Pop Can Stove
c.d. pritchard 11/02

All the Pieces:

four 12 pop cans
Aluminum Rivet - 3/16" dia. body
~3" dia. tuna can (for priming cup/base)
Aluminum flashing (for windscreen)


Closeup of burner

The burner afire (burns hotter with pot above it)

The burner is basically the Convex Top Coke Stove.   The only addition is that of a filler hole in the center of the top of the burner and a rivet for a plug.  The base pop can is cut 1-1/4" tall and the top plate is the bottom of another can cut so as to leave about 1/8" of straight side-wall.   The top plate has 18 holes made with a #76 drill (hint: use a pin vise and leave only 1/4" of the bit exposed).  They are angled outward at about a 45 deg. angle.  The holes were deburred and chamfered a tad with a 1/16" or so drill bit.  A 3/16" hole was drilled in the center for the rivet/filler plug.  The hole was deburred and then depressed downward with the rivet in place to intent the top so the bottlom of the rivet makes a good seal.  It also allows the simmering gizmo to fit tight.  Make the priming cup/base from the bottom 3/8" of a 3" diameter tuna can.

Sand the mating edges of the two burner pieces and coat them with a small amount of J-B Weld epoxy (part # 8265-S).  Push the upper plate into the base peice so it's top edge is about 1/16" or so below the top of the base peice.  Epoxy the burner to the the priming cup/base.  Let the epoxy set for 6 hours then put into a 250 degF oven for 3-4 hours to finish curing the epoxy.  The burner can be epoxied to the priming cup/base.

This was cut from aluminum flashing and sized so it's about 3/4" bigger in OD that the pot.  Several 3/8" holes were drilled in the bottom edge for air for the burner.  (To make nice holes, clamp the flashing between two pieces of wood and drill the holes through the wood.  A brad point bit works best.)  :  Four holes were drilled for the steel pot support rods.  About 1/4" of each of the short ends are folded back to allow a paper clip to clamp the sides together.  It was then rolled over a piece of pipe to form a cylinder Here's a drawing:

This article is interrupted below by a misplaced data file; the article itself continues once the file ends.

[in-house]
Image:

For packing, the paper clip is removed, it's rolled a bit and stuffed inside the pot.

The FIller and Bottle:
A short lenght of 3/16" OD brass tubing was fitted into the end of a small funnel for filling the stove.  The bottle is a 4 oz. flip-top squeeze bottle some soap stuff came in.  Instead of measuring fuel in a separate cup for filling, mark graduations on the side of the bottle.  To fill the burner with a given amount, invert bottle over funnel (not much fuel flows out) and note the fuel level.  Squeeze and release the bottle to dispense some fuel then note the lesser level in the bottle.  Repeat until the desired amount of fuel has been dispensed.

Simmering Gizmo:

I experimented alot since the burner puts out way too much heat for simmering.  The thing was made from the bottoms of two more pop cans.  The openings in them were cut with a Dremel MotoTool-  both pieces have 180 degrees openings..  A 2-56 screw and nut holds the pieces together.  The two are rotated with respect to each other to adjust the opening size.  Making the opening larger increases the heat.  A bit of silicone keg lube between the two pieces allows them to slide over one another easily.

Use only denatured alcohol (methonol)!   Fill the burner and put the rivet in the fuel hole. Put 10-20 drops of fuel inside the base. The amount of priming fuel depends on temperature and amount of fuel in the burner. Tilt and rotate the base a bit to distribute the fuel evenly.  Light the fuel in the base.  In 10 seconds or so the jets will ignite.  If you put in too much priming fuel, it'll really roar until the priming fuel is consummed.  Once the jets are stable, put the windscreen with pot supports in place over the burner and place pot inside.  For a thrill, jossel the burner a bit while it's burning- it really flares up.

Most of my hot meals require a maximum of 2 cups of water, so that's what I tested the thing with:

2 cups of 62 degF water
1 oz of denatured alcohol
53 degF ambient temp.
Boil was reached in 5.5 minutes minutes and a pretty hard simmer was maintained for another 9 minutes with the simmer gizmo attached.
Same thing was repeated with 1 quart of 59 degF water- boiled in 9.5 minutes and flame died at 10 minutes.
Performance would be better with a larger dia. pot.

Here's a MSDS for the alcohol.  Breathing the vapors is not healthly, but the stove burns very cleanly.

Comments are welcomed! Click here--> cdp@chattanooga.net